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Monday, May 28, 2012

YELLOW OR COMMON LOOSESTRIFE - GOOD TO STOP BLEEDING: HISTORY OF USES AND HEALTH BENEFITS OF YELLOW LOOSESTRIFE


YELLOW LOOSESTRIFE, LYSIMACHUS VULGARIS 
Yellow loosestrife is a close relative of creeping Jenny or Moneywort. It was formerly in the primrose or Primulaceae family of plants, but has recently been moved to the Myrsinaceae family making it a relative of cyclamens and Ardisia japonica or Marlberry.
  It lives in wetlands and beside lakes and streams, and was introduced to North America relatively recently in the 20th century, but it is already considered invasive along some lakeshores.
  It has long been considered an excellent wound healing plant as it has astringent properties which staunch the flow of blood from wounds, or internal haemorrhages, nosebleeds and so on.                    
  Nichols Culpeper, the English herbalist writing his Herbal in the 17th century had this to say about Yellow loosestrife:-
“Government and virtues. This herb is good for all manner of bleeding at the mouth, nose, or wounds, and all fluxes of the belly, and the bloody-flux, given either to drink or taken by *clysters; it stays also the abundance of women's courses; it is a singular good wound-herb for green wounds, to stay the bleeding, and quickly close together the lips of the wound, if the herb be bruised, and the juice only applied. It is often used in gargles for sore mouths, as also for the secret parts. The smoak hereof being bruised, drives away flies and gnats, which in the night time molest people inhabiting near marshes, and in the fenny countries.” (*enemas)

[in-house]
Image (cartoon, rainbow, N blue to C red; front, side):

It was believed that as well as getting rid of “flies and gnats” snakes would also flee from it if it was burnt near them.
  The name “loosestrife” was given to this herb because it seemed to have a calming effect on animals- whether wild or domesticated. This might have been due to its ability to repel troublesome insects, and it was hung around yokes of oxen and other animals so that they would not get testy because of bites from bugs. Of course, if they weren’t bitten, they would be calm.
  The Chinese employ the flavonoids glycosides extracted from this plant in the treatment of high blood pressure, and its flavonoids content means that it has antioxidant properties as it contains quercetin, kaempferol, hyperin, astragalin, isorhamnetin, myriscetin and syringetin among others, It also contains the benzoquinones embelin and rapanone.                                                                         
  The plant is normally around two or three feet tall but it can grow to five feet, with a yellow dye being produced from the flowers which has served to lighten blonde hair. A brown dye is obtained from its rhizomes.
  Pliny says that the plant’s healing properties were first known to King Lysimachus and he gave his knowledge to his subjects. Dioscorides, writing in the first century AD says that the yellow loosestrife’s freshly expressed juice could be used for gastrointestinal problems to great effect and it has been used for thousands of years to stop diarrhoea and dysentery.
  This plant was known to John Gerard, the 16th century English herbalist as the Yellow Pimpernel, and it has also been called the Yellow Willow Herb, Herb Willow, Willow-wort and the Wood Pimpernel.

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